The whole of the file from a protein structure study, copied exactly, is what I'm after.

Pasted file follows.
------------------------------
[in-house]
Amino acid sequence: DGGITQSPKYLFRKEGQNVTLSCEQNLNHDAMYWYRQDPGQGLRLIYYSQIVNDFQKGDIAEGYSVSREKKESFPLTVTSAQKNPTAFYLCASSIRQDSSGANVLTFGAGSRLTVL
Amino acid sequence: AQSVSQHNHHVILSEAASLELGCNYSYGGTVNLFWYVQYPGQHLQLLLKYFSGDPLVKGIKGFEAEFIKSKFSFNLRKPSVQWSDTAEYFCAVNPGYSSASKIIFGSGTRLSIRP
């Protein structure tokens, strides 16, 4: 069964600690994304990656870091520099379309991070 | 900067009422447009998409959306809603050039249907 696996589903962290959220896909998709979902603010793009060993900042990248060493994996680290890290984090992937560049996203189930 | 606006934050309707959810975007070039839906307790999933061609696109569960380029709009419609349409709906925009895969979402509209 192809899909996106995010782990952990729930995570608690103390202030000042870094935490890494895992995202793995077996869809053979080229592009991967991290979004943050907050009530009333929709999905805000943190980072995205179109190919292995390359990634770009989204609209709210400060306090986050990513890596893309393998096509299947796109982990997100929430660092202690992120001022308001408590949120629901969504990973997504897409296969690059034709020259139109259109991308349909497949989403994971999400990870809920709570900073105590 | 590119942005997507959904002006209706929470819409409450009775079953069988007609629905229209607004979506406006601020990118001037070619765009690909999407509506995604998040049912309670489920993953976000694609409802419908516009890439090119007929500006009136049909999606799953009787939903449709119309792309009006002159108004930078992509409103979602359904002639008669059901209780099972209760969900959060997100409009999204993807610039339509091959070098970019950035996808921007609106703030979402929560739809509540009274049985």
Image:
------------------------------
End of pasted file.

[in-house]
Amino acid sequence: DGGITQSPKYLFRKEGQNVTLSCEQNLNHDAMYWYRQDPGQGLRLIYYSQIVNDFQKGDIAEGYSVSREKKESFPLTVTSAQKNPTAFYLCASSIRQDSSGANVLTFGAGSRLTVL
Amino acid sequence: AQSVSQHNHHVILSEAASLELGCNYSYGGTVNLFWYVQYPGQHLQLLLKYFSGDPLVKGIKGFEAEFIKSKFSFNLRKPSVQWSDTAEYFCAVNPGYSSASKIIFGSGTRLSIRP
């Protein structure tokens, strides 16, 4: 069964600690994304990656870091520099379309991070 | 900067009422447009998409959306809603050039249907 696996589903962290959220896909998709979902603010793009060993900042990248060493994996680290890290984090992937560049996203189930 | 606006934050309707959810975007070039839906307790999933061609696109569960380029709009419609349409709906925009895969979402509209 192809899909996106995010782990952990729930995570608690103390202030000042870094935490890494895992995202793995077996869809053979080229592009991967991290979004943050907050009530009333929709999905805000943190980072995205179109190919292995390359990634770009989204609209709210400060306090986050990513890596893309393998096509299947796109982990997100929430660092202690992120001022308001408590949120629901969504990973997504897409296969690059034709020259139109259109991308349909497949989403994971999400990870809920709570900073105590 | 590119942005997507959904002006209706929470819409409450009775079953069988007609629905229209607004979506406006601020990118001037070619765009690909999407509506995604998040049912309670489920993953976000694609409802419908516009890439090119007929500006009136049909999606799953009787939903449709119309792309009006002159108004930078992509409103979602359904002639008669059901209780099972209760969900959060997100409009999204993807610039339509091959070098970019950035996808921007609106703030979402929560739809509540009274049985």
Image: